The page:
OPINION: A generation stuck in the rental trap?
Get an education, get a job, settle down '“ maybe marry '“ and then buy your own house.
More or less, that’s what the average trajectory through life is for most people – or at least that’s what many in Sheffield, across South Yorkshire and indeed the country aspire to.
Forget being a millionaire footballer or a famous pop star, the majority of people are just looking for a normal path through a normal life, and want to carve out a little slice of the world to call their own.
But for a generation of young people, that is becoming less and less of a reality and more of a pipe dream, thanks to ever increasing house prices, decreasing real-term wages and the creeping cost of renting.
Today, on page 10, The Star can report the average rental costs across the city, based on a tram map created by a Digital Media Team.
The result? For a two-bed city centre flat, you’re looking at a staggering £827 per month.
Even heading further from the centre, you’re looking at £594 for Hillsborough and £561 for Crystal Peaks.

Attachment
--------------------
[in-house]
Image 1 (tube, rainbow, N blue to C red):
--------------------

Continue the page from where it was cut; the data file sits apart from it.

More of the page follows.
In many cases, that’s going to be more than a mortgage would cost per month, and that’s not taking into account the fact that your house will gain value and you’ll one day pay it off and own it.
It comes after another report on Saturday which revealed that renting a property in South Yorkshire over the last five years has cost the equivalent of a 20 per cent deposit on a house.
And that’s why young people are struggling to afford a 10 per cent deposit, let alone 20. That’s before you factor in the jobs market.
Wages are failing to keep pace with cost of living increases, and renters are paying out a massive and increasing chunk of wages just for a roof over their heads.
There are so many people still living with parents into their late 20s for this reason, while many of their parents’ generation work out how whether to spend their massive equity on a second property or a bar in Spain.
Something needs to be done, and fast, or we risk having an entire generation of young people for whom the property ladder slowly disappears from view while they burn bundles of cash to keep lucky landlords warm at night.
Schemes like the Government’s Help To Buy are a start, but more is needed to help bring an entire generation of the cold and into first homes that they can actually call their own – before they are lost in the rent cycle forever.